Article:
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SUMMARY / RELATED TOPICS

Application Configuration Access Protocol

The Application Configuration Access Protocol is a protocol for storing and synchronizing general configuration and preference data. It was developed so that IMAP clients can access address books, user options, other data on a central server and be kept in synch across all clients. Two International ACAP Conferences were held, one in Pittsburgh, PA, USA, in 1997, the other at Qualcomm Incorporated, San Diego, CA, USA, in February 1998. ACAP grew to encompass several other areas, including bookmark management for web browsers—it's a roaming protocol for Internet applications. ACAP is in use by at least four clients and three servers to varying degrees, but it has never achieved the popularity of Lightweight Directory Access Protocol or SyncML, it is a deceptively simple protocol, but the combination of three key features, hierarchical data, fine-grained access control, "contexts" or saved searches with notification, has caused serious problems for server implementors. Unlike LDAP, ACAP was designed for frequent writes, disconnected mode access, so on.

It handles data inheritance, sometimes known as stacking, which provides easy creation of defaults. The IETF ACAP Working Group ceased activity in April 2004, having released two RFCs, RFC 2244 and RFC 2245. Kolab iCalendar WebDAV CalDAV IMSP "Your E-Mail Is Obsolete", February 1997 CMU smlacapdTemplate:URI Scheme This article is based on material taken from the Free On-line Dictionary of Computing prior to 1 November 2008 and incorporated under the "relicensing" terms of the GFDL, version 1.3 or later

Connecticut Route 136

Route 136 is a state highway in southwestern Connecticut, running from Darien to Easton. The route was established in 1932 to serve the beach communities between Darien and Southport, its eastern end was relocated in 1963 to head northeast from Westport to Easton instead. Route 136 begins at an intersection with US 1 in Darien and heads east, intersecting I-95 before crossing into Norwalk. In Norwalk, it continues south and northeast through the Rowayton section of the city before a 1.11 miles section maintained by the city between the intersection of Wilson and Meadow Streets and the intersection of Water and Washington Street, after which it continues east across the Norwalk River, through a triangular one-way couplet and into Westport. In Westport, Route 136 turns northeast along the Saugatuck River, intersecting I-95 again before crossing the Saugatuck overlapping Route 57, passing beneath Route 15 without a junction, continuing northeast across the northwest corner of Fairfield into Easton.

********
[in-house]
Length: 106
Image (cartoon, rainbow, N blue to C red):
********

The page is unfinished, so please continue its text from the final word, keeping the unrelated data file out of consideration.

In Easton, it continues northeast before ending at an intersection with Route 59. Modern Route 136 in Westport and Easton was the southern portion of an early 19th-century private turnpike known as the Branch Turnpike, incorporated in 1831; the road ran from Wesport center, through Easton center and the Upper Stepney section of Monroe, to the Housatonic River at Bennett's Bridge in Newtown, collected tolls until 1851. Between Easton center and Upper Stepney, the old turnpike is now part of Route 59. In the early 1920s, Connecticut assigned numbers to its state roads. A coastal road in the Gold Coast region of the state running parallel to U. S. Route 1, from Darien to Southport, was designated as State Highway 335; the former Branch Turnpike, remained unnumbered. Route 136 was formed as part of the 1932 state highway renumbering as a renumbering of old Highway 335. In 1963, Route 136 was relocated to its current route, including the portion along the old Branch Turnpike, as a result of the 1961 Route Reclassification Act.

Maintenance of the coastal portion of old Route 136 in Westport and Fairfield was returned to the towns. Additionally, a 1.1-mile section in the South Norwalk section of Norwalk is still maintained by the city and is one of only two such maintenance gaps in a state highway in Connecticut. The entire route is in Fairfield County

House in multiple occupation